Big Name Comes, Small Town Fawns

Well, it finally happened. The Democratic primary has grown so rampantly out of control that they've gotten desperate, so desperate that they're even campaigning on the Oregon Coast.

But we haven't reached the level of the actual candidates yet. We're only on "spouse level."

Still, it was pretty exciting to hear that Bill Clinton was coming. Has a president current or ex ever visited the coast before? Not in my lifetime. The closest thing was when JFK campaigned here 40 years ago, a fact a learned from the woman standing in front of me in line as we waited to see Clinton. She had also seen JFK. She had been in high school.

The rally, or whatever you want to call it, was a mellow event. A week of raining had finally given way to mild and breezy spring weather, so we coastal type folks were in a merry mood, chatting to each other as we stood in a line that stretched for blocks. Everyone knew everyone. I had driven down from my hometown, but amazingly even I came across a few people that I knew. After about an hour and a half of waiting, they opened up the doors to the middle school gym, and we packed right on in. Amazingly, there was no security check of any kind. Most folks opted for the bleachers, but I choose the floor, so that when Clinton finally came out (on time!!) I was standing only 20 feet from him.

Bill Clinton is remarkably charismatic in person, very easy and relaxed as he speaks. But our crowd was judicious, and there was definitely rationing of applause for only the agreeable points of his speech. I, for my part, was very clappy about the part where Clinton promised more wilderness area designations for Oregon - we fall far short of the acreage of neighboring states - but this is not a welcomed idea for a community build on timber dollars, and so the rest of the gym stayed awkwardly silent. Other clunkers included his proposition that the future of transportation lies with lithium - I think - battery powered cars, ("They're too expensive!!" shouted one woman behind me) and that the lithium -or whatever it was - lies in great abundance in the ground of South America. (And so we are supposed to go dig up the rainforest? Hello?)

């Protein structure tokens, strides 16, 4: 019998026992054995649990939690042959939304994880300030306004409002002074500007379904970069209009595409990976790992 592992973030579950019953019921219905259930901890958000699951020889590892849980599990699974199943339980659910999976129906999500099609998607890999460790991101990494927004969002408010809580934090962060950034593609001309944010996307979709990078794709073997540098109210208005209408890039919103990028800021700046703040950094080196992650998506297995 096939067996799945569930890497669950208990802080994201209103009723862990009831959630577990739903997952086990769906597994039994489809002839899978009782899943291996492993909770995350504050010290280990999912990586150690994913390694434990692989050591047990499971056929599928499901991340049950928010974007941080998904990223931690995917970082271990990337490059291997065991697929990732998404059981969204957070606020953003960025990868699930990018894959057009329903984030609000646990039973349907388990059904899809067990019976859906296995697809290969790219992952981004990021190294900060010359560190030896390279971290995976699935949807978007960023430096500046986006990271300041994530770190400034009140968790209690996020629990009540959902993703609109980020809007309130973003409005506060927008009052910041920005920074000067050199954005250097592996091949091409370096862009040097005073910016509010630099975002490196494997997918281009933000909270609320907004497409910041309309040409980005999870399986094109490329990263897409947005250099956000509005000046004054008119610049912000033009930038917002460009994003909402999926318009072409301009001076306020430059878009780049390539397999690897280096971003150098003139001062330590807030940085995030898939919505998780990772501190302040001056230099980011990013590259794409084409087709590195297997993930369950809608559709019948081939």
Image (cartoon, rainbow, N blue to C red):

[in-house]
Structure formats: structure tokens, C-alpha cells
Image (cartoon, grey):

Also lacking was his understanding of our Northwest salmon situation, a problem he summed up in a way that very much implied he had been briefed on the plane ride over. "More salmon for everyone!" he said, or something close to it. His analysis of the issue was based along the premise that there are so many salmon just a'swimming on out there in the Pacific, and it's a fight between Alaskan fisherman and Northwestern fisherman to see who can go haul them in, as in, "stop letting Alaska get all the salmon and give them back to Oregon."

Which might work if salmon were whales, or if salmon were oil reserves, or if salmon were stock options. But salmon are salmon, and with a very few exceptions (i.e. ocean dead zones) if you find your local fishery depleted, you can only point the finger at yourself. So when Clinton started with his garbled notion of problem/solution, I wanted to yell, "Get a job!" Or, no, what would the phrase be? "Get a fisheries education or at least a rudimentary grasp on things that every third grader in Oregon already knows!"

Oh well. I suppose it's too much to ask for our local problems to go on the national scene anyway.

Clinton's best moment of the night was the announcement that Hillary would end No Child Left Behind, a line that filled the gym with wild cheering and applause. He followed this by saying, "That's a sure fire winner. I could be in the middle of Idaho 400 miles from the nearest Democrat and get applause from a herd of elk with that one."

After the speech, he came down into the crowd for hand-shaking and signature-signing, and the gym turned into a gigantic mosh pit. With me in the middle. So I got to know some of my South Coast neighbors a little bit more on that day, and isn't that what democracy is all about? Coming together?

Here is a picture of da man:

And here is proof that I was actually there. Or my eye was there, anyway. You have no idea how awkward it was to turn around to take a picture of myself when everyone behind me was so fixated on that big ol' flag. They thought I was a wee bit odd... because I broke eye contact with Clinton - aaaAAAAA!

And I had a warm and fuzzy video to upload, but since Blogger is being dumb about it, I'll have to try to post it later.

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